Hutchinson, Sanders, and AAI on Obamacare Exchanges
Wednesday, September 9, 2015
Dan Greenberg


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Once again, Arkansas policymakers are debating whether our state or our federal government should establish and manage a health insurance marketplace (popularly called an “exchange”). In a recent presentation to the Health Reform Legislative Task Force, Gov. Asa Hutchinson asked “Why are we building a state exchange, rather than relying upon the continued partnership with the federal exchange?” No real answer has been forthcoming: notably, the advocates of transforming Arkansas’s federal exchange to a state exchange have provided slogans, not substance, when asked to explain the basis of that recommendation. Earlier this week, state Senator David Sanders was interviewed on TV’s Talk Business & Politics with Roby Brock earlier this week about a state exchange. Sanders reacted to Gov. Asa Hutchinson’s questioning the desirability of a state exchange as follows:

I am a supporter of a state-based exchange, and let me tell you why. We’ve litigated the exchange sort of question. The conservative legal strategy was to advocate for a federal exchange -- not a very conservative policy. Historically, states have been where insurance regulation has been managed, developed, and implemented. I think that’s where we need to go, and I think it’s better for us and it does create more flexibility long-term.

This is, unfortunately, gibberish; you’d probably get a more sensible statement about Obamacare exchanges if you threw a bunch of word magnets at a refrigerator. I think Sanders’s critique of the “conservative legal strategy” refers to the King v. Burwell litigation, but that Supreme Court opinion only settled the question of how the federal government was required to read one clause of the Affordable Care Act – it had nothing to do with the question of whether a state or federal exchange is good public policy. Furthermore, the federal control that the Affordable Care Act imposed on each state’s health insurance decisions certainly doesn’t vary depending on what kind of an exchange – state or federal – the state adopts, so Sanders’s claim about the alleged lack of conservatism of a federal exchange seems groundless. Finally, I’m all in favor of “flexibility” – who isn’t? – but it’s worth noting that, so far, defenders of a state exchange have flourished the idea of flexibility more as a slogan or a buzzword than as an actual argument. In fact, the Advance Arkansas Institute just put out a paper that I co-authored on the dangers of a state exchange and the superiority of a federal exchange: "A State Obamacare Exchange: Arkansas's Worst Option." That paper has the virtue of providing actual arguments for the points it makes. Here’s an excerpt:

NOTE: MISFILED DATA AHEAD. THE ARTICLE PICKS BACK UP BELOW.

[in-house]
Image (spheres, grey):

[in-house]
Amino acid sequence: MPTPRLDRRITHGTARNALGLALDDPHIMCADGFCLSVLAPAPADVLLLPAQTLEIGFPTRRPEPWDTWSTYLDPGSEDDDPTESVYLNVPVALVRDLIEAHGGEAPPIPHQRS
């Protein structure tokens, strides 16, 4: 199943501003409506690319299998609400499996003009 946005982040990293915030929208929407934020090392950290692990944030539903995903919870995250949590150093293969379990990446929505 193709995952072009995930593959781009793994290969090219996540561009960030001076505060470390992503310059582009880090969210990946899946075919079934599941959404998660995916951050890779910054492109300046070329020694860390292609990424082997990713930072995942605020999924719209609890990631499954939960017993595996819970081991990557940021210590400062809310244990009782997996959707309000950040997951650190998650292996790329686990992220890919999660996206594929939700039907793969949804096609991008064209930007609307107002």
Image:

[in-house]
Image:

In fact, establishing a state Obamacare exchange would create huge problems for Arkansas:
In short, establishing a state exchange would cause problems for Arkansas consumers and burden state taxpayers for decades to come. To put it bluntly, a state exchange is bad for Arkansas.

(I should add that it has always been The Arkansas Project’s policy to allow for the publication of a rebuttal statement on behalf of anyone who wants to respond to our criticisms. In other words: Senator Sanders, we look forward to hearing from you.) 



Article originally appeared on Advance Arkansas Institute (
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